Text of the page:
secure in that great and important stronghold. The way being thus clear of the enemy, every attention was given to carrying the road forward and into Chattanooga, and January 14 that desirable end was obtained. About this time Colonel D. C. McCallum, a railroad officer of large experience, was ordered here from the East by yourself, and arrived shortly afterwards with a large corps of mechanics and laborers.
February 4, by order of Lieutenant-General (then major-general) Grant, he was directed to relieve Mr. J. B. Anderson of his railroad duties and assume charge as general manager of all U. s. Military Railroads in the Military Division of the Mississippi. Colonel McCallum at once entered upon his duties with great alacrity and energy. He doubled and quadrupled the force of men at work upon the road, and as soon as the way was clear bridged the Tennessee at Loudon and reopened the road to Knoxville. At the same time he set to work vigorously upon the Tennessee and Alabama road, and by the middle of March he reported it open and ready for business. Thus my connections to the front were at last completed, and it but remained to use them effectually. From this time (February 1) the work at this depot became vastly increased. Instead of providing merely for the Army of the Cumberland, to which duty you had called me, I now found the Armies of Tennessee and of the Ohio also looking to me for supplies. I could get estimates from neither of them; neither had I the right to ask for them; yet for animals, clothing, camp equipage, quartermaster's stores, and all current quartermaster's supplies, except funds, they all called freely on me and on this depot for subsistence, ordnance, and all other stores, and we were expected to meet their calls. In anticipation of this I had already put in large estimates for everything at Louisville and Cincinnati, and, in anticipation of the spring campaign, not set about accumulating supplies here on a basis of 60,000 animals and 150,000 men to last the army as a six months' supply from and after May 1, 1864. My estimates at both places were honored with commendable promptness in most things, and to Brigadier General Robert Allen, at Louisville, especially, I am peculiarly indebted for the magnificent style in which he at once proceeded to place the whole available resources of the Northwest at my command under his direction. His chief officer of river transportation, Colonel L. B. Parsons, Saint Louis, Mo., crowded the Cumberls and barges, and throughout the winter and spring the entire energies of the depot here were taxed to their utmost to receive and handle the stores heaped in upon us. For weeks together my levee thronged with transports of all sorts, and force of at least 3,000 men and from 400 to 500 teams were kept constantly at work--day and night, Sundays and week days--in transferring the supplies to my various depots and store-houses. My estimate is that, for three months or more together, I received and handled daily an average of from 2,000 to 3,000 tons of freight exclusive of the amount arriving here by railroad.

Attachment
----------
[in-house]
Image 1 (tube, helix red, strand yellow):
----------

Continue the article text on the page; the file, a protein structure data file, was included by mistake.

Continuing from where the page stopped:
This vast influx of freight soon overflowed all the store-houses then here. The chief ware-houses in town available for such purposes were next taken possession of and filled, but still it became necessary to provide large additional storage elsewhere, or else allow the public stores to suffer from exposure. In anticipation of this, I had already ordered the construction of three large ware-houses on the line of our respective railroads here, one called the forage house, on the line of the Northwestern Railroad, 1,709 feet long by an average of 140 feet wide, one story high; the bread shed, or Eaton Depot, on the line of the Tennessee and Alabama Railroad, 600 feet long by 112 feet wide, one story high, and the Taylor Depot, 517 feet long by 190 feet wide, one story high, with an extensive